Although not defined in the Code, an option is generally thought to be an instrument comprised of the right to buy or sell some underlying property at a set price. (61) Options can further be divided into puts and calls. Puts represent an option to sell certain property at a specified price at or before a certain time in the future. (62) Calls allow the holder to purchase certain property at a specified price at or before a certain time in the future. (63) The tax consequences are not clear until one of three events occur: (i) expiration of the option, (ii) exercise of the option, or (iii) transfer of the option to a third party. (64) Under section 1234, the resulting gain or loss for the holder of the option from any of these outcomes is of "the same character as the property to which the option relates has in the hands of the taxpayer (or would have in the hands of the taxpayer if acquired by him)." (65) Because capital treatment is generally predicated on a sale or exchange, courts struggled with the character of gain and loss when holders cancelled or otherwise terminated their options. (66) After a 1997 amendment to the Code, section 1234A extends capital treatment to these situations. (67) It should be clear, incidentally, that prediction derivatives are not options under the Code. Prediction market traders are not paying for the right to subsequently buy property at a pre-established price.

B. Taxation as Forward Contracts

A forward contract is a privately-negotiated agreement between two parties for the purchase and sale of a commodity or other property on a fixed date for a specified cash price. (68) Forward contracts are generally given the same "wait and see" treatment accorded to option contracts. (69) This is the case "despite the lack of cases or rulings that specifically address the basic federal income taxation of forward contracts." (70) Code provisions also do not establish the general tax regime of forward contracts. Section 1234A does, however, extend capital treatment to situations where financial contracts (including forwards) are cancelled or otherwise terminated. (71)

At first glance, prediction derivatives appear to be futures and not forward contracts. Unlike forward contracts, which are traded over the counter, futures contracts are exchange-traded agreements for the purchase or sale for a specified price on a regular future delivery date of a standard quantity and quality of a commodity or other property. In the United States, however, where something is traded can determine its tax treatment. For example, the only "futures contracts" mentioned under the Code are "regulated futures contracts," which are traded on a qualified board or exchange that maintains a system of margin requirements. (72) Section 1256 generally imposes mark-to-market taxation on regulated futures contracts in exchange for gains and losses deemed 60% long-term and 40% short-term capital gain or loss. However, for reasons explained below, this section is inapplicable to prediction derivatives, as currently traded.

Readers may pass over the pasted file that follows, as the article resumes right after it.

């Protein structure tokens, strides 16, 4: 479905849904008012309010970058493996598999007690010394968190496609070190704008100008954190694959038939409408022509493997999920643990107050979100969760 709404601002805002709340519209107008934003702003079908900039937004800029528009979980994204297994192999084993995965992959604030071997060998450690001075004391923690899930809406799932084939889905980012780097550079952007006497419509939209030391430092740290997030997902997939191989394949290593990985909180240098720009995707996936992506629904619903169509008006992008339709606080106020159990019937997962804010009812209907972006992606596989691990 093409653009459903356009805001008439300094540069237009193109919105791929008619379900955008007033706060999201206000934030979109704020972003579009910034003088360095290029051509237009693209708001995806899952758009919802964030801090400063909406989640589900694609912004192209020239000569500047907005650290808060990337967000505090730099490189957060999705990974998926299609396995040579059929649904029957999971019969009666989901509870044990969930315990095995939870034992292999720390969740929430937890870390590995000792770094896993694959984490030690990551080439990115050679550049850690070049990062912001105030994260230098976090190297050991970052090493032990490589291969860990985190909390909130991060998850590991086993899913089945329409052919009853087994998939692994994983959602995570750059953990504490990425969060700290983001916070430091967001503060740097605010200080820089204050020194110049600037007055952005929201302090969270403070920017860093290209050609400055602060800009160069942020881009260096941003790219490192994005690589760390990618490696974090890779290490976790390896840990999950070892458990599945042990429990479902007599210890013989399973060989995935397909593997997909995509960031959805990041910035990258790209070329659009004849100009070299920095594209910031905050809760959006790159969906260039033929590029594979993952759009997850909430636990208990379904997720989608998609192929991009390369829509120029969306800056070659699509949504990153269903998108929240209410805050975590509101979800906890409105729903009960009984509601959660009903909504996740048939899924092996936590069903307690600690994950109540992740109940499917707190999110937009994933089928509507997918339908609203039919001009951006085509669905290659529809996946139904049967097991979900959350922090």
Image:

Assuming these prediction contracts fall outside the scope of section 1256, they do clearly resemble forward contracts. As stated above, the general treatment of forward contracts is not covered by a comprehensive provision in the Code. Instead, they are generally thought to be taxed under the wait and see approach generally applicable to options. (73) Like option contracts, the character of the gain or loss depends on the nature of the underlying property.

The taxation of forward contracts is straightforward, but are prediction derivatives forward contracts for tax purposes? Two questions quickly become apparent when attempting to fit informational futures under the rubric of forwards: (1) Does there exist underlying property such that the character of the income and losses from a forward contract may be determined? (2) If so, is that property a capital asset in the hands of a taxpayer?

As explained above, the taxation of forwards is generally not provided for in the Code. Instead, there is section 1234A, which simply operates to eliminate the sale or exchange requirement otherwise applicable to forward (and other) contracts. (74) Section 1234A contains no specific definition for property in the context of "underlying property" of forward contracts. Indeed, property has more than one definition in the Code. Under section 1234, property is, however, specifically defined for the treatment of options as meaning "stocks and securities (including stocks and securities dealt with on a 'when issued' basis), commodities, and commodity futures." (75) Because forward contracts are taxed similar to options, this specific definition of property could be of particular importance. For example, the underlying property of prediction derivatives, if any, clearly does not fit within the definition under section 1234. Does this narrow definition rule out the possibility that predictive derivatives have some sort of underlying property?

Humphreys considers this narrow definition of property when evaluating whether catastrophe indices are options for federal tax purposes. (76) He points out the widespread practice of cash settled options, where according to the terms of the option, settlement will be or could be in cash instead of delivery of the underlying property. (77) In essence, Humphreys posits the question: does the ubiquitous acceptance of cash settlement options mean that options that inherently cannot settle in property should also be options for federal tax purposes? (78)